July 29, 2021
Business News

It’s in our DNA! Waterford researchers lead digital technology revolution

Waterford Institute of Technology (WIT) research centres have landed a prestigious national award.

An innovative project by TSSG and PMBRC was announced as winner of the ‘Outstanding Academic Achievement Award in the field of Digital Technology’ at the Technology Ireland Industry Awards.

The awards, which took place at the Mansion House in Dublin last Friday, are considered the most coveted awards ceremony within the Irish technology sector.

Dr Sasitharan Balasubramaniam, Director of Research in TSSG and Dr Lee Coffey, Principal Investigator in Molecular Biology in the PMBRC and Adjunct Senior Research Fellow in TSSG, proudly accepted the award.

The project, titled ‘Digital DNA Storage Infrastructure of the Future’, involves an infrastructure that supports encoding of digital transformation in DNA, which will lead to a new form of data storage for the future. This research has also featured on RTE News as well as the prestigious MIT Tech Review publication

Speaking after the win, Dr Sasitharan Balasubramaniam expressed his appreciation for being chosen as a winner “This project really demonstrates the cutting edge multi-disciplinary ICT research that is being conducted in TSSG, looking in particular to how ICT should look 10 or even 20 years from today. This also demonstrates how blue-sky research can lead to possible technologies that industry can use in the future.”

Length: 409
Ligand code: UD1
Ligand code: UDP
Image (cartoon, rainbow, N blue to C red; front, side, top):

Also attending the ceremony was Prof Wille Donnelly, President of Waterford Institute of Technology and founder of TSSG. The president congratulated both Dr Balasubramaniam and Dr Coffey on winning this accolade.

Prof Donnelly said: “It’s a fantastic achievement and recognition of the institute’s international leadership in research excellence.” This follows the PBMRC Research and Development award at the Pharma Industry awards 2019 for the second year running.

The project, funded by Huawei, has the capability to store the resonant equivalent of 70 billion copies of books into a single gram of DNA, and this technique is set to revolutionize the field of data storage.

PHOTO CAPTION: Pictured, second from left, are Dr Lee Coffey, Prof Willie Donnelly and Dr Sasitharan Balasubramaniam from Waterford Institute of Technology

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